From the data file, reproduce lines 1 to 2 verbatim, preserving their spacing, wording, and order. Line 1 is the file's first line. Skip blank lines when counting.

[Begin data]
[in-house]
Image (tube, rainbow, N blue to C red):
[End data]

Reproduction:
[in-house]
Image (tube, rainbow, N blue to C red):